What is gynaecological cancer?

Gynaecological cancers are cancers that occur in the female reproductive system. These cancers occur when abnormal cells grow in an uncontrolled way and are named based on the organ or part of the body where they first develop.1 The ovaries, fallopian tubes, uterus (womb), cervix (neck of the uterus), vagina (birth canal), and vulva (external genitals) are all parts of the female reproductive system.2

Potential risk factors for gynaecological cancers

Risk factors associated with developing gynaecological cancers may include:1

  • Older age
  • Family history
  • Certain gene mutations
  • A previous cancer, such as breast cancer or bowel cancer
  • Reproductive history
  • Exposure to hormones produced by the body or taken as medication
  • Exposure to diethylstilboestrol (DES) in the womb
  • Viral infection including human papillomavirus (HPV) infection
  • Lifestyle factors, such as being overweight or smoking

If you have one or more of these risk factors, it does not necessarily mean that you will develop gynaecological cancer. For more information about risk factors, you should speak with your GP or specialist.1

Symptoms of gynaecological cancer

Symptoms associated with gynaecological cancer can vary depending on the location of tumour, as well as its size and how fast it is growing. Symptoms of gynaecological cancer may include:1

  • Abnormal or ongoing vaginal bleeding
  • Unusual vaginal discharge
  • Abdominal swelling, pain, pressure, or discomfort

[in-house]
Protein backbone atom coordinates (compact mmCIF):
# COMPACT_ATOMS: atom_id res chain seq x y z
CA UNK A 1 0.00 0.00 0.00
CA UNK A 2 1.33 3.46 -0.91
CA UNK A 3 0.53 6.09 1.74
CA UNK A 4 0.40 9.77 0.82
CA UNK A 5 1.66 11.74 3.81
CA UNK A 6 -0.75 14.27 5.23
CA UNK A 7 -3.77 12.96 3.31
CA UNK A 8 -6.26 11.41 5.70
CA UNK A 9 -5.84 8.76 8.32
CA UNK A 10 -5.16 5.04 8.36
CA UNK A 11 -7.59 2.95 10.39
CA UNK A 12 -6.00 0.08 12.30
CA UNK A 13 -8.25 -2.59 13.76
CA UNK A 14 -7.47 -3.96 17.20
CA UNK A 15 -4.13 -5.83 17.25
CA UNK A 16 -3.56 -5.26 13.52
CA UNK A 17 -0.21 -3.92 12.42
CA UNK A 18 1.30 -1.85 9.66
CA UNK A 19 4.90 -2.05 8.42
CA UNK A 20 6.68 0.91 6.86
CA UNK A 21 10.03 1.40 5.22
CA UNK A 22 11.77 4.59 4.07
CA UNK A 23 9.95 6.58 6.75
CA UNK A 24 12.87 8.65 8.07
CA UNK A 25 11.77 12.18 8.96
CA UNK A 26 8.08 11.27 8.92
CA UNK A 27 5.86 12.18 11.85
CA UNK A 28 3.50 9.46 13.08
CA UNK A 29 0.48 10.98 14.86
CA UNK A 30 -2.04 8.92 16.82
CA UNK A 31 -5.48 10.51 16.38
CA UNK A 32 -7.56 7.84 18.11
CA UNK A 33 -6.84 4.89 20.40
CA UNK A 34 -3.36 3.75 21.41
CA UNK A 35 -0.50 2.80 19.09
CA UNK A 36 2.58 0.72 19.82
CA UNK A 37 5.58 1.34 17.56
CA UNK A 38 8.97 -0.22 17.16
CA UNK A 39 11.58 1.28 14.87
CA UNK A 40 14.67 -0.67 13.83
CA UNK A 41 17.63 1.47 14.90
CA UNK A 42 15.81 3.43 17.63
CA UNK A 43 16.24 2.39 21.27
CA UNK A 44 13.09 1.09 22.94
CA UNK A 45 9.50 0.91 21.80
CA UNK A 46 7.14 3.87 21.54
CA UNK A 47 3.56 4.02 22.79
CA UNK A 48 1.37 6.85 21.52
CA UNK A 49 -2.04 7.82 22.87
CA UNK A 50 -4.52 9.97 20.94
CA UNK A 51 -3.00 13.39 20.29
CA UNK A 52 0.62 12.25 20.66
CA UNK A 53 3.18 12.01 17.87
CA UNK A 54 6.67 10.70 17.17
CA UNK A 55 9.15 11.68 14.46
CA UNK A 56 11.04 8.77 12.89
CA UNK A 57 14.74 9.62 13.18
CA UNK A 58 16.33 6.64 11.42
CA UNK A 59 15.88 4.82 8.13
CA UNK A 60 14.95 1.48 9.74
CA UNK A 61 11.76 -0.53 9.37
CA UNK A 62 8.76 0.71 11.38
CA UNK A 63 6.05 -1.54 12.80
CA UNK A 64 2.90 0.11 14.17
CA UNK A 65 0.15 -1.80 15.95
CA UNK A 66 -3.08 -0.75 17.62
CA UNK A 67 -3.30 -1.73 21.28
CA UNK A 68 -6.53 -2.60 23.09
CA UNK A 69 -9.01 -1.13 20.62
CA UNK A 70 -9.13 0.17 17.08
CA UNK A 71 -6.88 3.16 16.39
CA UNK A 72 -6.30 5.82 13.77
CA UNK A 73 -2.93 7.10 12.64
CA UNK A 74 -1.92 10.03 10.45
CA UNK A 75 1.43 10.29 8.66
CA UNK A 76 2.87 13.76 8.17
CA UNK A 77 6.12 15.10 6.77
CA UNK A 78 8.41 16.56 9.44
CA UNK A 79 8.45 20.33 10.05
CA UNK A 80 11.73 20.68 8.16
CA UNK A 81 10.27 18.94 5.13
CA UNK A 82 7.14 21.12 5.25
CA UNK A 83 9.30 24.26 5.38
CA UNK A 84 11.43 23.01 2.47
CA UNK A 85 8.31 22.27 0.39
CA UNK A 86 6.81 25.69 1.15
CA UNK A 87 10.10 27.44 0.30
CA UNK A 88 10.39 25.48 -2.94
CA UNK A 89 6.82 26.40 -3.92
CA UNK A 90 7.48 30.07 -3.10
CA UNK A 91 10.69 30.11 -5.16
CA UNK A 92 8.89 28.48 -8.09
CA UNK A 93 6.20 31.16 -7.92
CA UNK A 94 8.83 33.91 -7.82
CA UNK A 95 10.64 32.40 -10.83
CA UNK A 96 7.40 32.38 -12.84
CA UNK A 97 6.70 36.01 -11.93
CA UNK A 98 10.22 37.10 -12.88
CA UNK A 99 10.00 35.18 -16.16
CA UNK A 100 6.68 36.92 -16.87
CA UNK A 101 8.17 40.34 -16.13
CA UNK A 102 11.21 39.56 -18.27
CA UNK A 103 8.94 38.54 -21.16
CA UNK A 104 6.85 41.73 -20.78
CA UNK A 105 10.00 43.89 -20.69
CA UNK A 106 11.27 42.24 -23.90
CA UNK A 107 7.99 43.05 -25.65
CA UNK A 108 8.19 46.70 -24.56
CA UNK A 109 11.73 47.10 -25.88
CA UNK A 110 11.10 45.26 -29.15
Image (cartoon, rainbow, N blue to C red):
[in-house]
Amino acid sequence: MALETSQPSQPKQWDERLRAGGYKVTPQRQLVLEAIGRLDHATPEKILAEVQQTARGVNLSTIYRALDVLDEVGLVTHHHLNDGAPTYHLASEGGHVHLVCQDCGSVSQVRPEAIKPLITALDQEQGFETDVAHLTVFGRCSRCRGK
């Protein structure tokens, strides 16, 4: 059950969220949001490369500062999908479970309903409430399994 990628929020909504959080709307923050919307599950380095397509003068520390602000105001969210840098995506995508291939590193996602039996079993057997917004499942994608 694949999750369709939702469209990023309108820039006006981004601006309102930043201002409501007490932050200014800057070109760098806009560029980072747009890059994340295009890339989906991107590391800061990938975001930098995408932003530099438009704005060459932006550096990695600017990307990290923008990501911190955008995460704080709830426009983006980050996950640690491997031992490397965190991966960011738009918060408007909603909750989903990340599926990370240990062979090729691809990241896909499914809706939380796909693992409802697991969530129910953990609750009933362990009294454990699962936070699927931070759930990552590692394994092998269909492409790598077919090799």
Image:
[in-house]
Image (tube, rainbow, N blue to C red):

• Unexplained weight loss
  • Change in bladder or bowel habits
  • Pain during sex
  • Itching, burning, or soreness in the pelvic region
  • Lumps, sores, or wart-like growths in the pelvic region

There may be different reasons why you are experiencing any of these symptoms. If you have any questions or concerns, please speak with your GP or specialist.1

Types of gynaecological cancer

Learn more about different types of gynaecological cancer.

Find a centre near you


This website is provided for information purposes only. Nothing on this website is intended to be used as medical advice, or to diagnose, treat, cure, or prevent any disease. It should not be used as a substitute for your own health professional's advice.

Any medical procedure or treatment involving the use of radiation carries risks, including skin irritation and associated pain. Before proceeding with treatment, you should discuss the risks and benefits of the treatment with an appropriately qualified health practitioner. Individual treatment outcomes and experiences will vary.